This principle is more successful when considering a series of rapes / murders which occur in clusters in bigger towns and cities, as it lies in developing a relationship between the locations of the crimes and where the criminal lives (or sometimes works). Commuters live outside the area of the crimes and focus their offending in one or two specific areas where they feel comfortable, perhaps because they have lived or worked there at some time, or believe that it is where they are more likely to find the type of victim they seek. Marauders live in the area where the offences occur. The problem for the detective is that until he or she catches the criminal, it is unclear whether they are a commuter or a marauder, as this factor is not predictably associated with any other, for example if the marauder always attacked their victim in a public area it would be possible to associate these two factors. All the investigator has are clusters of similar crimes probably committed by the same person who feels comfortable working in that area – and he or she knows that already.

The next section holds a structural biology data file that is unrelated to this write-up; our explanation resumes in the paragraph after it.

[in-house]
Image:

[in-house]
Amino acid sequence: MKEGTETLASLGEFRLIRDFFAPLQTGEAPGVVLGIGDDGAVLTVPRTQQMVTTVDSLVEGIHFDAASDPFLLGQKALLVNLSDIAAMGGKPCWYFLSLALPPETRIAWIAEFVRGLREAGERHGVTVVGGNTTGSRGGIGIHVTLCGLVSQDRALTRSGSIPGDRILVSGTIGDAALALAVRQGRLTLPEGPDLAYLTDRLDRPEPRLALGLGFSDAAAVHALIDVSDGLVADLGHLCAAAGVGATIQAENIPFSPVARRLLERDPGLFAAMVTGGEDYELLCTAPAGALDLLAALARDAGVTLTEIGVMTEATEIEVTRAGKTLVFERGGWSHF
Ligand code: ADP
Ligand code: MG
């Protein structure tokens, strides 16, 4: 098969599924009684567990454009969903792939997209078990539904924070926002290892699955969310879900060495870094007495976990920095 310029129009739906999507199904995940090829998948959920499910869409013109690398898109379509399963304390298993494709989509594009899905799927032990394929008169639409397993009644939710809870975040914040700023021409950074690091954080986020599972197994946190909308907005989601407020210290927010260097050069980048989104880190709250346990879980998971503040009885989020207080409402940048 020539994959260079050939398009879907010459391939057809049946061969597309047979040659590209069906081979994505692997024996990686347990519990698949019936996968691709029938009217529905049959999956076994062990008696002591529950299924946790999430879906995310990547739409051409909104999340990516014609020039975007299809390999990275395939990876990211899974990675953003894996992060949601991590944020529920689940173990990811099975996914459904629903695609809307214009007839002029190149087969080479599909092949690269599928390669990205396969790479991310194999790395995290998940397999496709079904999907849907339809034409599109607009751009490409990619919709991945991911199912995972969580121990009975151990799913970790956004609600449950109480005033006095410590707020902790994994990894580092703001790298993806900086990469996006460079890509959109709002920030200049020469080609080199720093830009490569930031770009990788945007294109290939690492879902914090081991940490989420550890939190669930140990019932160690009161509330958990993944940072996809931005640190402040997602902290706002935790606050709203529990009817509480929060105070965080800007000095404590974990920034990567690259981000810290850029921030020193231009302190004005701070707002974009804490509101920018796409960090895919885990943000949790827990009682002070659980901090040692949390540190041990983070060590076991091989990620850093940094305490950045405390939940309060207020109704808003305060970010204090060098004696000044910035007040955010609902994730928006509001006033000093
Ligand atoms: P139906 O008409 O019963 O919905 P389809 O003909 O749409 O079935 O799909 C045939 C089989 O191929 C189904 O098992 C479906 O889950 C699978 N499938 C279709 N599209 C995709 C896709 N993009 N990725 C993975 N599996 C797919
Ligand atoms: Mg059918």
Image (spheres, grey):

Three Types of Rapist / Murderer
Dr Canter describes three different types of rapists according to how they treat the victim: as an object, as a victim or as a person. He believes that this can be useful as each has distinctive features which may assist the investigator to identify potential suspects.
The victim as an object. There the rapist is only interested in the victim as something to control. He has no feelings towards them, not even anger, and only uses them to fulfil his inner fantasies. Features of this type of offender are:
- the assault is made in public and the victim is usually a target of opportunity
- he will tend to attack the same types of person – young girls, older women, gay men